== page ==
One aspect of the overall design “is that it will reflect the hopeful and respectful nature of Philabundance’s goal to serve Chester residents through a store that could look at home in any community,” said Joseph Bona, president of CBX branded environments, in a statement. “Ultimately, we’re designing a neighborhood store that will have the look and feel of a traditional supermarket in that it's clean, well lit, convenient and friendly, but also a place that the community can call their own, instilling a sense of optimism, pride and connection.”

Read More: http://supermarketnews.com/retail-amp-financial/non-profit-store-open-pa-food-desert#ixzz2JYFoO280

Dems to select 8th Congressional District nominee in February

JEFFERSON CITY — The 8th Congressional District Democratic Committee will meet Saturday, Feb. 16 to select a nominee the represent the Democratic Party in the June 4 special election set by Gov. Jay Nixon to replace the seat vacated by U.S. Rep. Jo Ann Emerson who resigned Jan. 22.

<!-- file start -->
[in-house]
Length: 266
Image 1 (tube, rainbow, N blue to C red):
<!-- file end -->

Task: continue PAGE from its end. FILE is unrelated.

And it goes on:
The meeting’s location and time have yet to be determined.

Committee members receive one vote for each office they hold and must be present in person to vote. A majority vote of those present is required to win the nomination.

If no candidate receives a majority vote after the first round of voting, the one with the lowest number of votes will be dropped out and a vote among the remaining candidates will be held. Voting in this manner will continue until one candidate receives a majority of the votes present at the meeting.


January 31,1930 – 3M begins marketing Scotch Tape


Where would we be without it?